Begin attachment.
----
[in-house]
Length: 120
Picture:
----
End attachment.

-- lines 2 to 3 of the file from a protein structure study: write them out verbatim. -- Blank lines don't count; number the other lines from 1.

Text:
Length: 120
Picture: